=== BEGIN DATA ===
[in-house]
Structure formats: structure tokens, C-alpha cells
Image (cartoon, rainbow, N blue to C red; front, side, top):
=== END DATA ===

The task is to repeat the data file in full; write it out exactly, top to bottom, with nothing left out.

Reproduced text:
[in-house]
Structure formats: structure tokens, C-alpha cells
Image (cartoon, rainbow, N blue to C red; front, side, top):